In fact, land – its ownership and the issue of its return from the Lankan army – is a major rallying point for the people of Jaffna. 6,500 acres were taken by the military during the war. The demand for Colombo to release and return the lands to their rightful owners is as loud as the demand for war crimes investigations. The new Sirisena government in Colombo pledged a release of 1, 000 acres as soon as they were elected, but Sumanthiran tells us “villagers have been taken to review only 200 -odd acres of that land just two weeks ago. So the actual return seems to still be a long way off.”

Despite the end of the war, the region remains heavily militarized. Already under attack for resisting open and fair investigations into war crimes and human rights violations, the Rajapakse government – considered generally reactive to criticism – was a source of fear in these parts. Without wanting to reveal their identities, many people told us it was near impossible to meet journalists before January without being worried about the consequences.

Now, many concede spirits are freer and lighter with Mahinda Rajapakse out of power in Colombo, but they say the TNA’s’ engagement with the new government has to be calibrated differently. While in Colombo, they must push the new government on the investigations, as well as towards working out a final settlement on political devolution for Sri Lanka’s Tamils. In the province they must focus on the pressing need to revive the economy.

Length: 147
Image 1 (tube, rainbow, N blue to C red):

In a meeting with its leadership, Prime Minister Modi had urged the Tamil National Alliance to be patient with Colombo’s new government and give them time to make good on their commitments. Chief Minister Wigneswaran, saying its time Sri Lanka’s Sinhalese majority and its minority communities got together to close decades of communal rift, reacted to Prime Minister Modi’s advice saying in his experience “in 67 years, Colombo has never worked without pressure.”

That pressure, according to MA Sumanthiran, must come from Delhi. “We have achieved this much, the system of Provincial Councils came into being only with India’s intervention,” he says. And Chief Minister Wigneswaran backs this position saying they look to India to play the role of “collaborator, mediator and facilitator.”

But Kadirgamar, who lost his uncle – the former Foreign Minister Laxman Kadirgamar – to an LTTE sniper’s bullets, is more hopeful of direct dialogue with Colombo, now more than ever. “The kind of opening the Sirisena government has brought with it doesn’t come often. Now whether you agree or not, people are organizing protests in Jaffna so the space has opened up, and I think the attitude of the government is also very different, but this requires engagement on both sides. The Tamil community also needs to go through the process of self-criticism.”

Jaffna’s population shrunk from 900,000 to 600,000 in the nearly three decades of war as several of its residents fled the fighting. Six years of peacetime has seen some of them return. Tilak Tilagharaj, the owner of Jaffna’s first new hotel Tilko, named for himself and his wife Kokila, made the move from the UK, buying derelict, unused land and built it up. Based on his own experience on his first visit back during peacetime, Tilagharaj says for donors or investors to work here, they first need a place to stay. His business now employs about 150 people in all. “I took a big risk, but I wanted to be a pilot for others to come back too,” he tells us.

Tilagharaj and Kadirgamar, both in very different fields, are driven by the need to return Jaffna to its lost glory of an economic, cultural and political hub for Sri Lanka’s Tamils. Like them, others are beginning to make the journey home, albeit in small numbers, and never without keeping options open either elsewhere in Sri Lanka, or abroad. And while they all agree that the literal road to Jaffna has improved in the last six years, the figurative one to thriving self- reliance is still a long one. (NDTV)